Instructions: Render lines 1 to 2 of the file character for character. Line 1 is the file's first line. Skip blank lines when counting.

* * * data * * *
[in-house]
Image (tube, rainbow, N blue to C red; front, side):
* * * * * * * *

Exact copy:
[in-house]
Image (tube, rainbow, N blue to C red; front, side):